we have enough Tupperware,
and each time I open the cupboard and see the array, I'm reminded
that we are not alone in this world.
My spouse was recently diagnosed with cancer and people brought
food: comfort foods and exotic foods and labor-intensive foods
like homemade pesto from backyard basil, and fruit salads
with perfectly round melonballs. People also shopped for us,
weeded our garden, ferried our child, walked our dog, and
brought books and tapes and videos and funny hats to mask
the ravages of chemotherapy.
had a brigade of sorts, deftly organized by a couple of friends.
They asked me for names of people to be called and tasks that
needed to be done. I made up lists and handed them over. My
spouse, a self-reliant sort, was touched by the outpouring
of help, but also embarrassed by my willingness to accept
and, at times, even to ask for it. We exchanged some harsh
words. She, rightly pointing out that our friends had stressful
lives themselves, wondered why I couldn't manage more on my
own. I reminded her that, even when we were both functioning,
we barely managed to keep milk in the fridge. Now, not only
was she out of commission, but there were a whole slew of
new tasks--like explaining the situation to Sam's teachers,
and seeking out support groups, and shopping for nutritional
supplements, and running out at odd hours for the black-and-white
frappe she suddenly thinks she might be able to drink. "Besides,"
I shouted, "people want to help. There's nothing wrong with
letting them. Even with asking them!"
I was tearful by now, protesting too much. I knew there were
millions who coped daily, if not with cancer, with poverty,
single motherhood, difficult children, many children, ailing
parents, and on and on, and I wondered why I was so weak and
spoiled that, even with plenty of help, I felt so overwhelmed
that I was screaming at this very sick person I loved. Furthermore,
I knew such questions were self-indulgent at a time like this;
that instead of spending energy obsessing about my own deficient
character, I ought to be doing some of the things I was considering
asking other busy people to do. Like teaching myself to use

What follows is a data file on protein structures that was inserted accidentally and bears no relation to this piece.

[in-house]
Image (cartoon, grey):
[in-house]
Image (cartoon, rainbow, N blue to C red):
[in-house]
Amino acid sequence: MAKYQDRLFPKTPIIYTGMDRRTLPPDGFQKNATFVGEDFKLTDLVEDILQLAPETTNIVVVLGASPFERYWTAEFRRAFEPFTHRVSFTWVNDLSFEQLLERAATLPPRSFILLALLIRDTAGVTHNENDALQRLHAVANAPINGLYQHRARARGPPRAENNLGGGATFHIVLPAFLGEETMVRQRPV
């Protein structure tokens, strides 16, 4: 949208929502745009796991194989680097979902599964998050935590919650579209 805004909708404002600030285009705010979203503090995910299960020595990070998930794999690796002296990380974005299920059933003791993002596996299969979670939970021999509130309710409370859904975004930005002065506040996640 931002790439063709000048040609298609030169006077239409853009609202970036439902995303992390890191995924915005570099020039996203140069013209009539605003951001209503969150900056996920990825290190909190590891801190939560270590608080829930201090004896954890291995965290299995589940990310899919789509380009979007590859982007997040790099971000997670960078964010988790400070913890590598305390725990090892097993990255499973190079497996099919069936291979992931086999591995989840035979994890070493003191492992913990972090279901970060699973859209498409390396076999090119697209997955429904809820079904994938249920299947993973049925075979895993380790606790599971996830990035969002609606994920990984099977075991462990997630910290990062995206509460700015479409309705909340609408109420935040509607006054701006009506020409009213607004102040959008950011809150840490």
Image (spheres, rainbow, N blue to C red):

the new computer. Or returning the borrowed toilet plunger
that has been in the trunk of my car for months!
It's a tricky matter, this business of asking and offering,
of giving and taking; it raises all the big questions about
what it means to be in relationship or part of a community.
I've spent a lot of time pondering these questions during
those trying months and ever since. Still, I don't know
much: only that few of us are immune to the premium our
culture puts on self-sufficiency, and yet, when we open
ourselves up to being helped, the rewards are many.
I know that our friends' desire to help was genuine, and
the opportunity to do so felt like a gift to many of them.
I know that the help we received made all the difference
to me, to our son, and especially to my resistant spouse.
She, and many other cancer patients I've recently met, say
that the kindness of family and friends has a healing effect.
And I know that those who fear accepting help because it
will oblige them to give help in the future are not entirely
Take that Tupperware. Today, the sight of it is making me
uneasy; reminding me of something I've wanted to forget.
It happened just a few months before my partner got sick.
We received a notice from our son's playgroup, asking us
to bring a meal for another family with a cancer diagnosis.
I definitely wanted to help, but all the detailed instructions
in the letter put me off. Specifically, I remember reading
that we weren't to send any containers that we wanted back.
And I remember thinking, But we don't have any decent containers
that we don't want back!
So what did I do?
I bought take-out.
It was good take-out, and I threw in a pretty card; but
now, knowing the solace I got from all those homemade dishes,
from those specific hands picking and peeling, slicing,
and dicing, I'm filled with shame at the thought of that
family eating food cooked carelessly by strangers. I'm also
embarrassed by the realization that those nifty containers
are not, after all, mine to keep.
Not that I must return each to its rightful owner. I couldn't
remember who gave which, and even if I could, I don't think
their owners, a more evolved bunch than I, are counting
on getting them back. But I am obliged to fill them up and
pass them on the next time I learn of someone in need. That
's the thing about gifts. Unlike items bought or sold, they
are never simply yours to keep. At least they weren 't in
many native cultures as I learned from one of my favorite
books, Lewis Hyde 's The Gift. They were meant to be returned
to their original donor, or better yet, to be passed on
to someone new. They were supposed to always be in motion.
So much for my loaded cupboards! But I don 't mind. Graced
by so many gifts, I 'm a different person now. Less grasping.
Or, so I 'd like to believe.
Leslie Lawrence lives with her family in Cambridge,
Massachusetts, and is a writer, teaching at Tufts University.
Peter Nicholson is a writer and designer. He can be reached